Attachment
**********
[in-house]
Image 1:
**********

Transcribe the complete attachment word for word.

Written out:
[in-house]
Image 1: